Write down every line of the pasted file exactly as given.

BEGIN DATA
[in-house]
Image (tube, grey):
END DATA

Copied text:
[in-house]
Image (tube, grey):